12 Mar

13. Rho Creek and Big Bottom

Distance: 8.2 miles out and back
Elevation Gain: 2,400 feet
Trailhead elevation: 2,624 feet
Trail high point: 4,529 feet
Season: May – November
Best: June

Download map of the Rho Creek area
Download map of Big Bottom
GPS Track of the Rho Creek Hike

This lovely and little-known hike traces a cascading stream through a mossy and magical forest just south of Big Bottom. The trail is at times very faint but it is well-marked, and generally easy to follow. Best of all, because this is a trail that is very much off the beaten trail, the chances are that you will have it all to yourself. Because of this, I do not recommend hiking it alone – this place is very, very remote – but also very, very beautiful.

Matt’s note: This hike is not easy to follow in some places. I highly recommend downloading both my maps above and my GPS track and following it if you plan on coming here. Here a link to my GPS track.

Rho Creek's mossy canyon

Rho Creek’s mossy canyon

Hiking into Big Bottom's ancient forest

Hiking into Big Bottom’s ancient forest

12 Mar

2. Rooster Rock

Distance: 10.8 miles out and back
Elevation Gain: 3,700 feet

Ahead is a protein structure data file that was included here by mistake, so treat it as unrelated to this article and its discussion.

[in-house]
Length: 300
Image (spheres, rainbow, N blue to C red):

Trailhead elevation: 1,261 feet
Trail high point: 4,559 feet
Season: May – November
Best: June – July
Map: Opal Creek Wilderness (Imus)

Download a map of this hike
Download a GPS track of this hike

It’s a long way up to Rooster Rock, but when you get there you won’t regret making the trek. The pinnacle stands above fields of wildflowers, while you have outstanding views out to Mount Jefferson and the rest of the central Cascades. Even on a hot day, a gentle breeze cools you off while you relax for lunch up on this scenic ridgetop. Though there are other, easier hikes in the Table Rock Wilderness, this one is the closest to Portland, the easiest to find and perhaps the least crowded.

Tiger Lily on the trail to Rooster Rock

Tiger Lily on the trail to Rooster Rock

10 May

16. Rock of Ages Ridge / Bell Creek Loop

[slideshow_deploy id=’526′]


16. Rock of Ages Ridge

Distance: 15.2 mile loop loop
Elevation Gain: 4,600 feet
Season: March – November
Best: June – July
Pass: None
Map: Columbia River Gorge (Geo-graphics)
Note: Rock of Ages Trail does not show on most area maps.

Directions: From Portland, drive east on Interstate 84 to the Bridal Veil exit 28. Immediately after exiting the freeway turn left and drive east on the Historic Columbia Highway 5.6 miles to a parking lot at Horsetail Falls. If you are coming from Cascade Locks, exit the freeway at the Dodson Exit 35 and drive west on the Historic Highway for 2.4 miles to Horsetail Falls.